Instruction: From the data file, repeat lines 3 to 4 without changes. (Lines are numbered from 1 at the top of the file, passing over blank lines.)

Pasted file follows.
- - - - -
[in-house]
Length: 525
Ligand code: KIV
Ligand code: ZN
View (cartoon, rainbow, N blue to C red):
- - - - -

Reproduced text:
Ligand code: KIV
Ligand code: ZN